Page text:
As mentioned above, West Ham cancelled their partnership with following opposition from fans and the Football Supporters Association (FSA), which helped the Department for Culture, Media and Sport draw up guidelines for clubs to engage with fans.

West Ham fans argued that was attempting to monetize supporter engagement, something they felt the club should be doing for free. “We hope another fan opinion exploitation scheme is never entered into by WHUFC and that our club will start to meaningfully engage with supporters going forward,” said the West Ham United Independent Supporters Association.

The FSA said: “Socios attempts to monetize fan engagement which the leagues and clubs have committed to doing for free. There should be no financial barrier to engaging with your football club.”

Malcolm Clarke, chair of the FSA, said the clubs are either trying to make money from allowing fans a say in how clubs are run or “they’re trying to squeeze extra money out of supporters by making up inconsequential ‘engagement’ online polls.”

the FSA CEO, Dreyfus’ rebuttal was that the West Ham fans’ campaign, “Don’t Pay To Have Your Say” was unsubstantiated.“The messaging of ‘we have to pay to have a say’ is not true.” He went on to defend

  1. “The people already engaging in a traditional way (season ticket-holders and club members) get a token for free.”
  2. “Some people – just in the UK – are complaining because for the first time, they have a say and it’s thanks to us.”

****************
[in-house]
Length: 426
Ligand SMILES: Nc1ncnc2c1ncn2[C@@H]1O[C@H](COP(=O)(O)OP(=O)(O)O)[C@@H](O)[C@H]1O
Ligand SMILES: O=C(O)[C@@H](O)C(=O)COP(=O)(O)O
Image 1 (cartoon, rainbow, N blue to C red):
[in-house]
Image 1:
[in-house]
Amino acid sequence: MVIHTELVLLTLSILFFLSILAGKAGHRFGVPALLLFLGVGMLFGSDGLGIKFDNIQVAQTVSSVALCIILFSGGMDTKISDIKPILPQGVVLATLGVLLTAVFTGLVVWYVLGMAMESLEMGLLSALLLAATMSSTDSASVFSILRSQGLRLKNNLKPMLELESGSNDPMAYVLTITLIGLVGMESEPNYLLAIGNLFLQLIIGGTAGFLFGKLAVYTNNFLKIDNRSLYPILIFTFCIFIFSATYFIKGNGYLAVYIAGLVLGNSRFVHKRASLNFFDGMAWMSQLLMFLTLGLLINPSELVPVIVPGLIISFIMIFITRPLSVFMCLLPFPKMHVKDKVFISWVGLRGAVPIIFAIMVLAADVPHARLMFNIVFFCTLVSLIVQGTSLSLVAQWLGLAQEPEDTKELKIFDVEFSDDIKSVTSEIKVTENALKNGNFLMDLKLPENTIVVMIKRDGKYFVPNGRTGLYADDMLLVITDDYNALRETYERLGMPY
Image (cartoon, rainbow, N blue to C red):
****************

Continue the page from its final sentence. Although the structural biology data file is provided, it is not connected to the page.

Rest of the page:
According to Dreyfus, charging users for influence “makes sense”. “Me giving my say in something that matters – of course, it has a price. It’s valuable.”

The pros of fan tokens

Fan tokens allow a fan to access a variety of fan-related membership perks ranging from voting rights to rewards.

Voting on club decisions

Some of the fan-led decisions include the likes of picking:

  • A kit design.
  • The man of the match.
  • A team’s new bus design.
  • A new goal celebration song.
  • A motto for the dressing room.
  • A message for the captain’s armband.
  • The merchandise featured in a season.
  • A name for the team’s training ground.
  • A team’s destination for a pre-season tour.

Earning unique rewards

The more tokens a fan purchases, the higher their fan ranking, which correlates with different reward tiers. The end goal is for a fan to purchase the maximum amount of tokens as specified by the team or club to be entered into a draw for a chance to access the biggest VIP benefits on offer.

The base tier offers:

  • Exclusive discounts on merchandise.

The top tiers offer the chance to win:

  • Free home match tickets.
  • Guided stadium tours.
  • Signed official merchandise.
  • VIP box experiences.
  • Pre-match, pitchside viewing.
  • Meet the team experiences.

Exclusive content

Token-holders also have the opportunity to gain access to exclusive augmented-reality games, prediction games, and match-day challenges.

Trading fan tokens